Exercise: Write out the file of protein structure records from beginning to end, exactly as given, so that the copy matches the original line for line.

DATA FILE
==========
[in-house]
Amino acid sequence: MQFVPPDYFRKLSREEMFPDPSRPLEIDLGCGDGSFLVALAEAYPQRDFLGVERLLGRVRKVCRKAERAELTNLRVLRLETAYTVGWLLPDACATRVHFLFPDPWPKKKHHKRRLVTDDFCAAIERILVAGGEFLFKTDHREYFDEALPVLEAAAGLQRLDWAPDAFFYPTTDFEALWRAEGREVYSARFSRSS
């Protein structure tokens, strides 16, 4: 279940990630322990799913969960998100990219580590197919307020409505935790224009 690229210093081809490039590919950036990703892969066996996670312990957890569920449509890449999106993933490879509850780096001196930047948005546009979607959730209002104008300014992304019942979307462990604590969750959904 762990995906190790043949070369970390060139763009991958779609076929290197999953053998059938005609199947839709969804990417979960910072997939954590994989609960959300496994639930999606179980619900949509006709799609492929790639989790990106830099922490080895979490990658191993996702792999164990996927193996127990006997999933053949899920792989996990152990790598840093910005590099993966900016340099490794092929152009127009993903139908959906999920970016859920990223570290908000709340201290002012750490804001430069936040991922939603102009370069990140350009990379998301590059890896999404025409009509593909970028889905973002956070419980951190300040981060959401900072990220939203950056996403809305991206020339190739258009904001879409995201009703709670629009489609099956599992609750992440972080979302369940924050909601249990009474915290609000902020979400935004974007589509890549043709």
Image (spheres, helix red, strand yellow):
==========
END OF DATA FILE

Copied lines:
[in-house]
Amino acid sequence: MQFVPPDYFRKLSREEMFPDPSRPLEIDLGCGDGSFLVALAEAYPQRDFLGVERLLGRVRKVCRKAERAELTNLRVLRLETAYTVGWLLPDACATRVHFLFPDPWPKKKHHKRRLVTDDFCAAIERILVAGGEFLFKTDHREYFDEALPVLEAAAGLQRLDWAPDAFFYPTTDFEALWRAEGREVYSARFSRSS
């Protein structure tokens, strides 16, 4: 279940990630322990799913969960998100990219580590197919307020409505935790224009 690229210093081809490039590919950036990703892969066996996670312990957890569920449509890449999106993933490879509850780096001196930047948005546009979607959730209002104008300014992304019942979307462990604590969750959904 762990995906190790043949070369970390060139763009991958779609076929290197999953053998059938005609199947839709969804990417979960910072997939954590994989609960959300496994639930999606179980619900949509006709799609492929790639989790990106830099922490080895979490990658191993996702792999164990996927193996127990006997999933053949899920792989996990152990790598840093910005590099993966900016340099490794092929152009127009993903139908959906999920970016859920990223570290908000709340201290002012750490804001430069936040991922939603102009370069990140350009990379998301590059890896999404025409009509593909970028889905973002956070419980951190300040981060959401900072990220939203950056996403809305991206020339190739258009904001879409995201009703709670629009489609099956599992609750992440972080979302369940924050909601249990009474915290609000902020979400935004974007589509890549043709």
Image (spheres, helix red, strand yellow):